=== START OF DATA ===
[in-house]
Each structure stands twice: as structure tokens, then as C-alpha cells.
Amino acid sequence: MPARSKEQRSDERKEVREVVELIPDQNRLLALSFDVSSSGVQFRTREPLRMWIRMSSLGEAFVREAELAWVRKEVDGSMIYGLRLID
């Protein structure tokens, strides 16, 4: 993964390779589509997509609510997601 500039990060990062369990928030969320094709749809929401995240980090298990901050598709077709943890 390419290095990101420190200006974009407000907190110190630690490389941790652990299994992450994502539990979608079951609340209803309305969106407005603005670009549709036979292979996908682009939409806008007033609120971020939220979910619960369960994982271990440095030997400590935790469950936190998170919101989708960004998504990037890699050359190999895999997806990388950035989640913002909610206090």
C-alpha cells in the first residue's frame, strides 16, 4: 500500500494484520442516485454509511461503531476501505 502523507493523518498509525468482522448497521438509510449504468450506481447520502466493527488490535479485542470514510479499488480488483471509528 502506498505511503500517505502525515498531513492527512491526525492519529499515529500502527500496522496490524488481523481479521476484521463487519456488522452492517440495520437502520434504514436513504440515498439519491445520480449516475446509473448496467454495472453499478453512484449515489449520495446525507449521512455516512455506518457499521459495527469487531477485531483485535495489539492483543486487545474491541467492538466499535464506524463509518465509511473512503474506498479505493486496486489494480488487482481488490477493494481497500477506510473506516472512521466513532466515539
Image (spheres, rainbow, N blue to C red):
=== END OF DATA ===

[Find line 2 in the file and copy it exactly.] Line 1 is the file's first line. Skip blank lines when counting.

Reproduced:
Each structure stands twice: as structure tokens, then as C-alpha cells.